If we take a helicopter view of the telco industry infrastructure, in some ways it’s pretty difficult to find something interesting to predict about OSS. We can argue about the likely speed of change and some of the nuances of progressive technologies and the challenges they present but in general it’s pretty hard to dispute the reality of change and the impact it will have. Capacity, speed, data volumes and network complexity (in this case meaning OSS complexity) will upsurge. Addressing those challenges will likely change telco priorities (and application investment patterns too).
It could be argued that one outcome of all this will be the rise of “homogenous” software; that is an end to Use Case-specific supporting applications in favour of a broader or more adaptable approach to problem solving technologies. Given the endless array of business and operational support systems in the data center; sometimes literally hundreds of applications fulfilling identical functions for different lines-of-business (does anyone out there have ONE billing system or ONE inventory management system for instance?) this might be no bad thing.
On one level, you could argue that the sort of application function convergence I’m hinting at mirrors what on a subliminal level is already happening in practice. Think of it like this: If I explicitly take steps to enhance operational performance, aren’t I also implicitly taking steps to improve subscriber experience? And if I take steps to quickly remedy issues experienced by disatissfied customers then am I not implicitly enhancing operational performance? You could-though I won’t-throw BSS applications into this mix too; enhanced billing system performance is de facto a forward-step in customer care, isn’t it?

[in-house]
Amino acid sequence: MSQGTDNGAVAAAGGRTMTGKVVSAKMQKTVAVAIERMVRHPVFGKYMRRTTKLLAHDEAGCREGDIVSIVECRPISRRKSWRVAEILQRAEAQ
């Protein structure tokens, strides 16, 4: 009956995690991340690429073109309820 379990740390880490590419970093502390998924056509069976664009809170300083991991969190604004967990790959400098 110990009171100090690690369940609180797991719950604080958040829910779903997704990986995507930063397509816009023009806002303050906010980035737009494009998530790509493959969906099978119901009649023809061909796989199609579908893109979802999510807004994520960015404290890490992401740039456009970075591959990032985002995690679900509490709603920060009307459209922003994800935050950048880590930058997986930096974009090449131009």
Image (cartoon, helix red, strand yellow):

Anyway, the blue-sky thinking in all this is why the telco data centre has evolved in such an unweildy way, to support so many identical applications. We hear endless refrains about ROI and limited funds available for OSS and BSS investments yet these sit in the face of a reality hallmarked by poor decision-making. I mean, if you do have 50+ billing systems or inventory management systems (and many do), something somewhere can’t be right, can it? Or was there a desire to end up with such a situation? I thought the maxim was “when in a hole, stop digging”.
The short term fix to the managerial requirements of complex, hybrid service delivery networks lies mainly in deploying the right integration and management applications but the longer-term fix has to lie in streamlining the evolution of telco management infrastructure towards multi-purpose software that doesn't explicitly distinguish between functional Use Cases. The time will come when CSPs think in terms of investing in supporting technologies that enable them to address big issues; not tightly walled Use Cases one-by-one. When this happens, data centre complexity will be reduced and performance and effectiveness enhanced.
This is really the point about data integration and management technology. It doesn’t have much to do with separate Use Cases. Carriers who can see the big picture have an inset advantage over those who can only see the Use Case immediately to hand. Why invest in solving one problem when one investment can be leveraged to address many? And is able to reduce cost and complexity at the same time?
If the future imitates the past and infrastructure management doesn’t develop along new lines then CSPs risk reversing into the future. And it’s hard to imagine anyone thinks reverse gear is an ideal way to move forward.
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